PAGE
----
Ireland is a favorite setting for contemporary, historical, and fantasy novels as well as for legends, faeries, and leprechauns. No place is more magical and mysterious. What could be a better venue for a novel than a phantom island off the west coast of Ireland? A mass of land in the Atlantic that is hidden by mists, unreachable from the shore, and only appears once every seven years?
HY-BRASIL: HISTORY OR MYTH?
Is the mysterious island of Hy-Brasil history or myth? Let's see.
The name of this island – Hy-Brasil – is believed to derive from Uί Breasail, which means "descendants of Breasal", an ancient clan of northeast Ireland.
The lands of the Sidhe were characterized as being subject to the same emotions (love, hate, jealousy, power, death, etc.) as the mortal world and filled with strife. The other realm, ruled by Manannán, God of the Sea, was a land of peace and beauty, the land of the ever-living, ever-young. Therefore, Hy-Brasil was not accessible to anyone unless invited by the king Manannán or his daughters.
When the Sidhe were defeated by invading Milesians (the final race to settle in Ireland), and forced the live in a different dimension, Manannán aided them and shrouded their underground mounds with fog to hide them from unwanted attention.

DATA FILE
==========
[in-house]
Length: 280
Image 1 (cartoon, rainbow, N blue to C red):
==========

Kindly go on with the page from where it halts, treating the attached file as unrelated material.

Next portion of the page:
Other legends, perhaps later ones, described Hy-Basil as inhabited by priests [or Druids] who knew the secrets of the universe and could call on ancient powers. The Celts believed it to be a place of plenty and happiness. The tale placed the island "where the sun touched the horizon or immediately on its other side".
Definitely myths, but what about reality?
The island was first identified on the nautical charts in 1325 prepared by cartographer Angelino Dalorto (Dulcert) and, unlike the more-famous island of Atlantis, between 1325 and 1872 its existence and location were documented in detail by many firsthand accounts. [Atlantis is mentioned only in a work by Plato.]
The Venetian Andrea Bianco, Italian sailor and cartographer, included the island on nautical charts produced in 1436, renamed as Insula de Brasil. In 1480, a Catalan chart show it as two islands, one to the southwest of Galway Bay where the mythical island is supposedly located and one south of Greenland.